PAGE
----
• Customer collaboration over contract negotiation
  • Responding to change over following a plan

The importance of interaction can be found within the multi disciplinairy teams. Less documentation can only work of the team members communicate well on what they are doing. To understand what the other team members are doing, you will need to know about the other disciplines. We expect from our testers that they have a basic knowledge of programming and have some basic programming skills. This will help to discuss about software architecture and possible solutions, which will be defined by the team.

The short development cycles force us to test incomplete products. The tester will need to apply the use of drivers, stubs and mocks to be able to test. Creating or setting up these facilities to support testing needs to be signaled (and preferably also executed) by the testers.

The working software that gets delivered every iteration will need to work together with the previously delivered items. Each iteration the functionality will increase which also reflects on the size of the regression test set. This set grows, but the time to execute it is only limited. The frequent execution of the regression test set, together with the time pressure, make a good business case for test automation. You should not think to lightly of test automation within Agile.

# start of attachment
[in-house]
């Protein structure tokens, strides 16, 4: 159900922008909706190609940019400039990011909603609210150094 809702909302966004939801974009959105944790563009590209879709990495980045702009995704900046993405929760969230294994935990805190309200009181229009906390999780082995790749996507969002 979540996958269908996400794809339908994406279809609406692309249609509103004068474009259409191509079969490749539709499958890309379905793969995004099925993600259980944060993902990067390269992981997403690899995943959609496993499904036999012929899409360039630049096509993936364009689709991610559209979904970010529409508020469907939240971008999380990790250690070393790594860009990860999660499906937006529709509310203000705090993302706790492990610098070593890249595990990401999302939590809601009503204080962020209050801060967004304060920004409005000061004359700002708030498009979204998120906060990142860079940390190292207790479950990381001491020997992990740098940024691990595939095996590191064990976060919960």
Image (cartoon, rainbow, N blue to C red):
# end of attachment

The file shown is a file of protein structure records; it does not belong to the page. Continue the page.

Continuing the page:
Another requirement as a result of the frequent deliveries is good version and configuration management. The testers will need to help to make this a succes. When and how to integrate? Which demands do we have for the different environments? Technical knowledge will help to get a better and clearer view of what should happen.

Test automation

No need to explain that test automation has technical aspects. Since test automation is an important part of testing with cloud computing and within Agile, test automation deserves some special attention.

Test automation can occur on different levels. The foundation for test automation is set with the unit test. These unit tests are in general created by the developers, but this does not mean that testers are not involved. We can help the developers apply test design techniques, since we have more knowledge of testing. Pair programming of a tester with a developer can be of value here. The tester can assist the developer in thinking about which test cases need to be created. In addition to this assisting, we can also review the unit tests when we have enough knowledge and skills with respect to the programming language.